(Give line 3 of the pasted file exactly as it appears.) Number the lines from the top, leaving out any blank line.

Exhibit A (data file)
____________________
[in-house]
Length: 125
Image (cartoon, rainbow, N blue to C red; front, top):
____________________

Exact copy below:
Image (cartoon, rainbow, N blue to C red; front, top):